Why The Wyoming Caucus Is So Important, Despite Its Teeny Tiny Delegate Count
The Wyoming caucuses on Saturday have 14 pledged delegates at stake — not a huge haul for our Democratic candidates, one of whom must earn 2,383 delegates to secure the nomination. But the results of the April 9 caucuses in the state still matter for Sen. Bernie Sanders and Sec. Hillary Clinton. Why is the Wyoming's caucus so important?
One of the main reasons Wyoming matters is that every delegate matters in this race. Sanders is trying to narrow the gap between him and Clinton, while she's hoping to widen it. Real Clear Politics reported that, going into Saturday, Sanders has 1,030 pledged delegates and Clinton has 1,280, though it should be noted that the gap is actually narrower, since Washington state has yet to allocate its 67 congressional district delegates, and Sanders is set to get a good chunk of those. So, the actual gap is closer to 200 delegates than 250.
The Wyoming race is the last caucus we'll see for a while, as almost all remaining states will instead hold primary elections. The only state that will hold caucuses after Wyoming is North Dakota on June 7, and, well, caucuses are kind of Sanders' thing. He won all 10 state caucuses that were held in March, and Wyoming will determine if he remains the caucus champ. If Clinton wins, it would put a dent in Sanders' claim to caucuses, which could dig a little into the momentum his campaign has built up throughout the end of March.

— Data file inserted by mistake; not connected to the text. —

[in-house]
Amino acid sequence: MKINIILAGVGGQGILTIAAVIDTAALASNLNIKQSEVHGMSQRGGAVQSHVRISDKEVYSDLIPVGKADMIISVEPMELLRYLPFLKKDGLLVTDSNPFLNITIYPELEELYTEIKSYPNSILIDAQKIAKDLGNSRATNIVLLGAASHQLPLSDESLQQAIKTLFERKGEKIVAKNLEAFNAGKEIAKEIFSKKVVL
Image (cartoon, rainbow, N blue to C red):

Wyoming will also tell us something about how strong the senator's geographical advantage is in the northwestern states. So far, Sanders performed very well in Washington and Idaho. Oregon will hold its contest on May 17, followed by Montana, North Dakota, and South Dakota on June 7. Together, these states have 120 delegates. If the race is super tight toward the end, Sanders may have good reason to hope for big wins in these northwestern states at the finish line.
Then again, if Clinton were to take Wyoming, it would temper that hope.
A win for Sanders in Wyoming would add to his end-of-March momentum, and a win for Clinton could give her campaign a welcomed boost after her recent string of losses. Whether the delegate gap shifts and whether Sanders maintains solid footing in the Northwest are things to look out for on Saturday — because in a race this close, truly every delegate counts.